The Climate Institute is an independent research organisation working to drive innovative and effective climate change solutions. This case study outlines the role newspapers played in their integrated campaign ahead of the 2007 Federal Election.
Our planet’s chances of survival will depend largely on how governments manage climate change.
When Australians went to the polls in November 2007, The Climate Institute wanted to ensure the â€˜right’ government would get elected. Their challenge was to make climate change a prominent issue for voters, thus increasing its importance for policy makers.
In essence, climate change needed to be at the top of the election agenda.
To make an impact in the face of colossal political party spending, an unconventional solution was conceived – the creation of a political party, The Futures Party.
Its leader would be 9 year old Jack Simmons.
The channel strategy would emulate tactics used by political parties through a combination of top down messaging with bottom up campaigning.
- Top down: Broadcast agenda-setting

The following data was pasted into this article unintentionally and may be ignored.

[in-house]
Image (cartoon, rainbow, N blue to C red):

Establishing the Climate Change platform
- Bottom up: Grass roots electioneering
Conveying information and generating voter conviction and action.
The campaign appeared across TV, Radio, Newspapers and Experiential to provoke public debate about climate change, and ultimately generate PR to attract the attention of policy makers.
Strategic use of newspapers as a media channel
Newspapers were integrated into the campaign to play four strategic roles:
- To act as an Extension of television activity, enabling The Climate Institute to raise the profile of climate change, and get it on the Public Agenda.
- Conveyed Information to further the public understanding about climate change policies, in turn presenting election parties for (Re)Appraisal through the scorecard creative execution.
The effectiveness of the roles played by newspapers is further supported by independent research conducted into how this medium influences consumer behaviour.
Learn more about the six strategic roles newspapers can play.
The objective of the campaign was to influence the way people will vote.
- Visibility for the campaign through PR was estimated at $1.5m
- Climate change increased in importance towards Election Day as measured by Google Search
- Recall for the campaign was strong in the marginal electorates where press was the primary medium, and higher than other climate campaigns.
- The campaign was recognised as the winner of the Media Federation Award for Effectiveness in the Finance/Insurance/Government / Corporate & Real Estate category in 2008.
The channel planning agency commented:
“Newspapers were a pivotal component of our strategy that enabled a strong presence in marginal electorates where the election would be most strongly contested”